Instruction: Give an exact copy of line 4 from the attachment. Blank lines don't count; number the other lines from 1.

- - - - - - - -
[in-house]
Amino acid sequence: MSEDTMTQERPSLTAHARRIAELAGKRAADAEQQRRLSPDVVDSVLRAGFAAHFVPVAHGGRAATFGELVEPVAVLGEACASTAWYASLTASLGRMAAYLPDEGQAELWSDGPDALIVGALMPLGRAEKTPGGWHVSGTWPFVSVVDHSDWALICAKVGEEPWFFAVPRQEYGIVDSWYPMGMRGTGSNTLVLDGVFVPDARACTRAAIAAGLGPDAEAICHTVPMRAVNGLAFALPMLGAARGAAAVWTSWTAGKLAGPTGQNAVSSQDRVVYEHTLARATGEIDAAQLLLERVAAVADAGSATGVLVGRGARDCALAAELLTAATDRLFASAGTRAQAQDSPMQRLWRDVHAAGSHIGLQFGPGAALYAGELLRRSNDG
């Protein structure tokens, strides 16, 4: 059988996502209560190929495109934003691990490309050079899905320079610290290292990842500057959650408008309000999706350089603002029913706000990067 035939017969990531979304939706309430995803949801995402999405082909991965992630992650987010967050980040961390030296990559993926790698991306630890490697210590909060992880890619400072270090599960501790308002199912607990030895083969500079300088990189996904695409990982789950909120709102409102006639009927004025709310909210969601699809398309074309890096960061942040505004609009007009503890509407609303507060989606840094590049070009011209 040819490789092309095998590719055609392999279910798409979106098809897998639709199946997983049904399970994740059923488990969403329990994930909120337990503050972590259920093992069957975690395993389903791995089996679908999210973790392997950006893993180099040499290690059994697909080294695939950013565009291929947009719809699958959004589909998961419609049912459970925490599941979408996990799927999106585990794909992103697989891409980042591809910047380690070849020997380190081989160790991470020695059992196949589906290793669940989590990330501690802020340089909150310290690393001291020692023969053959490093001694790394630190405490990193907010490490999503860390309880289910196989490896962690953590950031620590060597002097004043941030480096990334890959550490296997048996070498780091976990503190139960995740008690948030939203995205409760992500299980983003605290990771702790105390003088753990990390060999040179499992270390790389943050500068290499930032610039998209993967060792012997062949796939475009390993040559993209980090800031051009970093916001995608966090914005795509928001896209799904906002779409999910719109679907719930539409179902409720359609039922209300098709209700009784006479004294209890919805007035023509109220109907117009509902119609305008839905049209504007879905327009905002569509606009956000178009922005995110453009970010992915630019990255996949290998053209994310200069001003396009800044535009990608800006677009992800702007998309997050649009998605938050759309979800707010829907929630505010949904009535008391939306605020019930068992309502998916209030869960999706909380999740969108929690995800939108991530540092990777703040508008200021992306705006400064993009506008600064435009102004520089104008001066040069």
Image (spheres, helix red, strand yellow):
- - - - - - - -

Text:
Image (spheres, helix red, strand yellow):